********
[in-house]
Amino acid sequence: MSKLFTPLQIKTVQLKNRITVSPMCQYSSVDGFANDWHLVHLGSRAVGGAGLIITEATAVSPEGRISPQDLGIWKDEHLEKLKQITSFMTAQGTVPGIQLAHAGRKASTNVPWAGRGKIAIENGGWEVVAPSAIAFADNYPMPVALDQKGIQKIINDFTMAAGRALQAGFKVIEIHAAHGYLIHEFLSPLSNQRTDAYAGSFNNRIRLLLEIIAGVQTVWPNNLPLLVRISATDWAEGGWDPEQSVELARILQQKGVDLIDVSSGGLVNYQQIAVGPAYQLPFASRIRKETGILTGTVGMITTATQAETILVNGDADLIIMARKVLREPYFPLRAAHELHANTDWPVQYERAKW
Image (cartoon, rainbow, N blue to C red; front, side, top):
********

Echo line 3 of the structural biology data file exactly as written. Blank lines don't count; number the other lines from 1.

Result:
Image (cartoon, rainbow, N blue to C red; front, side, top):